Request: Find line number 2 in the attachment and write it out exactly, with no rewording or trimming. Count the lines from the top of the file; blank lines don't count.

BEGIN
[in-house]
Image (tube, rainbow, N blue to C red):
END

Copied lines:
Image (tube, rainbow, N blue to C red):